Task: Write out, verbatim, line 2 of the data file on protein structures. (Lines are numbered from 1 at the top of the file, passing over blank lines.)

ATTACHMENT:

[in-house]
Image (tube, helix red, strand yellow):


Image (tube, helix red, strand yellow):